1. British Warships, TBs & ABC Cruisers. N. B. Clark, Chief. Engr. USN (Ret), “Motive Power for Warship” Letter to the Editor. Army Navy Journal Vol 23. March 27, 1886. Pages 713-4.

2. Herreshoff vessels calculated from available data.

There is another data point. In early 1891 Capt. Nat conducted a short study of his torpedo boats and high-speed yachts. He compared the indicated thrust per unit of vessel displacement required in speed trials of the vessel to achieve design speed (A), with the resistance of the 4½-foot 1880 model per unit of model displacement at that speed (B). The Ratio (B/A) of the torpedo boats STILETTO at 0.75 & CUSHING (HMCo. #152) at 0.73, averaged 0.74; while the high-speed yachts, the 132-foot SAY WHEN (HMCo. #150) at 0.58 and 84-foot NOW THEN (HMCo. #142) at 0.69, averaged 0.64. The torpedo boats averaged 16% better than the yachts at achieving the performance of the most efficient model in Capt. Nat's 1880 model tests.[8]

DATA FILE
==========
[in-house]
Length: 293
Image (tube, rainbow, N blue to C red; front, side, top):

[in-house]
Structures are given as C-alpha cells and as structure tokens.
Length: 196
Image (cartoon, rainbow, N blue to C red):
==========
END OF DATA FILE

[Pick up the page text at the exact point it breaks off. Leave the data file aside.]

[21] Frederick J. Rowan A.M.I.C.E., M.I.E.S. The Practical Physics of the Modern Steam Boiler. (P. S. King & Son, London; D. Van Nostrand, New York, 1903). Pg. 481.

[22] The details of HMCo #44 are taken from (1) “Torpedo Boat Experiments” Irish Times, Jan. 10, 1879, page 3. (2) “The Herreshoff Torpedo Boats” Recent Practice in Marine Engineering Two Volumes. Edited by William Henry Maw. Publisher: London Offices of Engineering, London & J. Wiley & Sons New York 1884. Pages 280-6. This document is available online at www.hathitrust.org. All quotes about HMCo #44 are from this paper.

Additionally, STILETTO's hull was not that of a typical steam yacht. W. P. Stephens wrote at the time:[9]

[21] Frederick J. Rowan A.M.I.C.E., M.I.E.S. The Practical Physics of the Modern Steam Boiler. (P. S. King & Son, London; D. Van Nostrand, New York, 1903). Pg. 481.